The French still celebrate July 14th as a national holiday today.
The basic rights of the German people
In Germany it took a little longer for the call for freedom to be heard loudly. The "German Confederation" was a loose amalgamation of many small states, but there was a desire for a unified state with basic rights and an overarching constitution.
The bourgeoisie and liberal politicians in particular called for German unity, a parliament and the lifting of press censorship. When new unrest broke out in France, a revolution also broke out in Germany in 1848. After the uprisings, the National Assembly met in the Paulskirche in Frankfurt.
The basic rights of the German people were proclaimed on December 27, 1848: equality before the law, protection against official arbitrariness, freedom of the press, freedom of belief, freedom of conscience, freedom of assembly, the right to form associations, independence of the courts, public judicial proceedings, freedom of property.
They wanted to unite Germany and offered King Friedrich Wilhelm IV of Prussia the choice of emperor. But this rejected the "crown from the gutter". When the constitution was only adopted by a few states, the German revolution had largely failed. The Germans still had a long way to go to democracy.
Nevertheless, this declaration of fundamental rights also brought new impulses to people's thinking. For the first time the thought emerged that social rights - like the right to work - are human rights. This opened the way for workers to be protected and for trade unions to be formed.
Freedom from need and fear
The crimes of the National Socialists and the destructive force of the first atomic bombs in Hiroshima and Nagasaki shook humanity to an extent never known before. The urgent need arose to protect every single person from such injustice in the future.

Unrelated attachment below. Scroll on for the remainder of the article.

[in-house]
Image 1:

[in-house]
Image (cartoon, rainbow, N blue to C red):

With this goal in mind, the United Nations Organization (UNO) was founded in New York in 1945 as the successor organization to the League of Nations. This new world community committed itself in its charter of June 26, 1945 to "save the world from the scourge of war".
She reaffirmed her belief in human dignity and promised to promote better living conditions in freedom for all people.
A short time later, a committee of representatives from the then member states met to work out a common catalog of values. What living conditions does a person need for a dignified existence? What rights does a state have to guarantee?
After more than two years of work, the "Universal Declaration of Human Rights" was announced on December 10, 1948. The 30 articles serve to this day in the worldwide struggle for human dignity as a common orientation and ideal of almost all peoples.
A common vision for the world
Nobody had to adhere to its guidelines at the time the declaration was made. There were no contracts, no legal protection. It was only later that international pacts, treaties and conventions followed, which implemented the "Universal Declaration of Human Rights" into applicable law. However, many people are still not adequately protected from arbitrary violence by governments.
Enforcing human rights through the United Nations is proving difficult. To this day, many governments argue that human rights violations are domestic affairs in which no one has to interfere.
Yet the struggle for human rights has become a worldwide movement. Many non-governmental organizations (NGOs), groups and citizens' groups are bravely speaking up. Massive worldwide protests and courageous actions by individuals have already prevented or alleviated a great deal of suffering - for political prisoners, for women without rights, for defenseless children.